You may also see a version of these policies listed as “disclaimers” on a therapist’s social media accounts. These disclaimers often describe how to engage appropriately with these social media pages, expectations of interactions, ways to maintain confidentiality, and resources in case there is an emergency that needs immediate attention. Reading these policies and disclaimers is an important part of being informed as you enter into a therapy space.

Ultimately, these social media policies are in place to prevent the forming of dual relationships. Dual relationships are an ethical concern for mental health professionals, as it can deteriorate the professional relationship formed with a client. The professional and therapeutic relationship formed between a therapist and client should be the ONLY relationship formed between a therapist and client. Therapists should not form business relationships, friendships, or romantic relationships with their clients due to the risk of harming the client’s therapeutic progress and degrading a therapist’s professional lens when treating a patient. Therapist’s should always prioritize your growth and what is most therapeutically helpful.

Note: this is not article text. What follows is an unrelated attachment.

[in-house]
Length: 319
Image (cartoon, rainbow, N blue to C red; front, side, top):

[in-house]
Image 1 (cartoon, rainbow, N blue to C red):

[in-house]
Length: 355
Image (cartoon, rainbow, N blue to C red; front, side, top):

If you aren’t sure if your therapist has a social media policy, always feel free to ask, so as not to cross a boundary that is ultimately in place for the betterment of your therapeutic work. For therapists, always be clear about what boundaries are in place to protect your client’s confidentiality and therapeutic process.

peace love happiness, Lee

man and woman sitting on bed using laptop

What is a “No Secrets” Policy?

Understanding Therapy Consent Forms